Excited for Call of Duty: Black Ops 3? Have a look at what previous Call of Duty multiplayer maps our writer thinks should make an updated comeback.
What Does Steam’s Early Access Mean for the Industry?
Yesterday Steam rolled out an entirely new section in their games categories called Early Access. This category is meant to allow players to literally play a game while it’s still in development, giving them, well, early access to the game before its eventual release.
Some of the titles already appearing in this Early Access category include Arma III, Kerbal Space Program, Kenshi, and Prison Architect, all games that have not released a proper, gold-state game in the traditional sense.
Being that it’s a somewhat revolutionary idea, the question remains: why would developers want to do this with their games? And furthermore, what does this suggest for gaming in the future?
It should be noted that this isn’t the first time a game has chosen to do this. One of the most notable titles that ever granted its players “early access” is the Mojang blockbuster Minecraft, a game that is essentially in perpetual beta and still rolling out new patches and updates on a regular basis.
So why would developers want to allow players entry into their game before it’s a finished product? Really, the answer to this is found in the tagline of the category itself on Steam: when you’re allowed early access to a game, you can “discover, play, and get involved with games as they evolve.”
Like any other revolutionary move within the industry, there are both good and bad sides to this model of game distribution. Of course, it seems somewhat shady to charge gamers a fee in order to play a product that isn’t even completed. To do so would be like ordering a meal at a restaurant and eating it in small pieces as the chef makes note of your complaints and makes different parts of the course. In our society, we’re used to exchanging money for one complete product, and doing anything other than that seems like a foreign idea on the surface.
But then, there’s a compelling argument to be made about how the idea of early access games goes to further the idea of games as services rather than products. Minecraft is an amazing example of this; fans play the game and request updates, which are in turn churned out by the development staff.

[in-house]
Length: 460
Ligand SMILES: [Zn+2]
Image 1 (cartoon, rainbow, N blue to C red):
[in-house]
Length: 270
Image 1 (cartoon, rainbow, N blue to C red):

Early Access games can help developers in a big way as well, as each of them come with an emphasis on contacting game makers about bugs or other technical issues that could theoretically be nipped in the bud before becoming a full-blown problem for gamers later on. It’s a bit like a beta, but takes place during a much more critical time of development than the standard open or closed access to a game prior to its release. And being that tester staff isn’t always something small studios can afford to employ, it offers some help by way of giving you a host of people willing to put up with and report issues you might not have seen in the early development stages.
This also gives gamers the chance to be a part of the development process in a more meaningful and interesting way. Think about it; you’re playing a game in its alpha state, communicating with developers and forging a certain relationship that a standard boxed copy product wouldn’t allow for. This could potentially create an entirely new dimension to the gaming community as a whole, allowing both the consumers and the creators to interact with each other in a way that directly affects different aspects of the game itself.
On the same note as the discussion of games as services, early access games not only allows players to play a game, it gives them the chance to be a part of its creation and to take some small amount of ownership in its production. It takes the traditional model of purchasing completed copies and turns it upside down by tearing down the wall between both the player and the creator. And this could be a good thing.
Of course, there are different parts of the formula that will need to be hammered out over time. What justifies a gamer putting money into the product to essentially be a tester for developers? What will have to be done to entice more people to come over and either put their games up on this or take part in it themselves? And will this deliver the desired results that developers are looking for?
The examples of games like Minecraft and even Dota 2 both show us that this is a model that could potentially work. We won’t know about all the benefits and downsides each of the games in this early access Steam category until it’s been able to exist for a time, but it still shows that, alongside options like free-to-play, there is a growing possibility that the way business is conducted in the gaming industry is about to change in a big, big way. And I’d wager that change is coming soon.
What are your thoughts on Steam’s early access games? Share them in the comments below!